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Discussion on: Explain Factory Pattern Like I'm Five

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Nested Software

If you just need to create an instance of a single class, then something like new Class() is totally fine. Let's say though you find yourself writing the same conditional code, like below, in multiple places:

let c = null;
if (condition1) {
  c = new Class1();
} else if (condition2) {
  c = new Class2();
} else {
  c = new Class3();
}

c.use();

You don't want to duplicate this logic, so a factory will allow you to put this conditional logic to instantiate the object you want in one place. For example:

const c = createClassInstance(config);
c.use();

// createClassInstance is a factory function. 
// 'config' is some kind of object that 
// contains enough information for the factory 
// to decide what kind of object you want the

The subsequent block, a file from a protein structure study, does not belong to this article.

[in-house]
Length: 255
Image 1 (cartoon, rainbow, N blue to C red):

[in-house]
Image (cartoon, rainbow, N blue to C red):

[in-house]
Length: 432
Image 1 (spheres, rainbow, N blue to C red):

// factory to make for you.
function createClassInstance(config) {
  if (condition1(config)) {
    return new Class1();
  }

  if (condition2(config)) {
    return new Class2();
  }

  return new Class3();
}

We assume that Class1, Class2, and Class3 all have the function use.

With languages that support "duck typing", as long as the classes all support the use method, that's good enough for this to work. In some cases these classes may all be subclasses of a common base class or implement a common interface. With statically typed languages, I think that has to be the case - it is in fact the case with a language like Java for example.

There are some other cases where you may want to use something like a factory. For example, the Singleton pattern is used to make sure you always get the same instance of an object each time you ask for one anywhere in the code. You can use a factory function to do this. The function will make sure that you're always getting the same instance. Oftentimes this is written to operate lazily, so you'd check to see if you had an instance already, and if so, you'd return that instance. Otherwise you'd create one first, then return it. If you have some sort of connection pool, the same kind of idea can be applied. So I think there are many situations in which you might want to use something along the lines of a factory.